Apple talked about many things at its
Worldwide Developers Conference earlier this month, but one that got relatively short shrift was the Apple Watch. Now more than two years in, the Watch has undergone a major transition from the product that was first announced, focusing in on specific uses like notifications, health, and fitness.
But some, myself included, had expected to see a bigger push on the health front in watchOS 4. A new marquee feature like sleep tracking, perhaps. Or a glucose monitor. (Apple mentioned that watchOS 4 will now work with external glucose monitors, but if it’s working on such tech itself, it’s not ready for prime time yet.)
While these types of health tracking features are all well and good, it would be far more interesting to see Apple leveraging its technological innovation to push health tech forward into an even more critical category: prevention. Or, to paraphrase the old saying, “Everybody talks about their health, but nobody ever does anything about it.”
As with so many ideas of this sort, this one grew out of personal experience. A few days ago I woke up feeling cruddy: hacking cough, runny nose, and generally resembling someone who’d been run over by a truck. At one point, I checked my Apple Watch to see if my heart rate was elevated—it wasn’t, particularly—but that got me wondering if there was information that could be collected and analyzed in such a way as to predict when you might be under the weather.
Apple’s already got some of the tools that it could bring to bear on this problem. The Apple Watch incorporates that heart rate sensor, for one thing, and it also collects information about your activity. Perhaps other sensors could be devised to monitor your temperature or other vitals.
But what really needs to be brought to bear on this problem, however, is Apple’s machine learning algorithms. Analyzing patterns like this should be one of machine learning’s strengths. If you could feed it a bunch of data about your health, combined with an assessment about how you’re feeling, then perhaps it could start building out models to let you know “Hey, you might be getting a cold!” It’s not going to let you prevent getting sick entirely, of course, but you might be able to minimize such an effect by using proactive measures like taking it easy, hydrating more, upping your intake of vitamin C or those zinc lozenges–whatever works for you.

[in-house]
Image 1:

In the same way that the Apple Watch reminds you to stand up or to breathe, it could instead give you prompts to take other actions that might help improve your health and wellness or to stave off illness. Likewise, you may be able to eventually use this information to help other people, by reporting on what makes you feel better and then distributing that information to others—and them with you.
Sweating the small stuff
Sure, alerting people to the possibility that they have a cold is hardly one of the big problems in health. It’s not curing cancer or heart disease or diabetes. But even these small things have the potential to improve a lot of people’s quality of life, and they’re far more broadly applicable to the populace at large.
More to the point, these sorts of small improvements can lead in turn to bigger implications. Tracking the spread of certain diseases or patterns of progression for colds and other viruses, for example. Or being able to expand health collection information over a broader swath of the population. Apple’s already started down this road with its ResearchKit, which provides a framework to let health professionals and researchers collect information for studying health issues, and CareKit, which lets developers write apps that help people deal with their own medical conditions.
One story in particular, though, stands out in this arena:
the report that the Apple Watch can reliably detect atrial fibrillation, which is often hard to recognize, even for the person experiencing it. I can speak to this, as one of my close family members has suffered from this condition for many years. While this kind of detection is a far cry from being able to treat the problem, it at least offers a peace of mind by giving a feeling of some agency over this kind of chronic and seemingly random condition.
I continue to believe that
health is a big part of the Apple Watch and whatever other wearable devices Apple might make. While I applaud watchOS 4’s improvements, especially in the realm of personalized fitness notifications and challenges, I’m hopeful that Apple will continue to focus on these sorts of wide-ranging, envelope-pushing improvements that have the potential to change the way we think about our health on both a personal and a community-wide basis.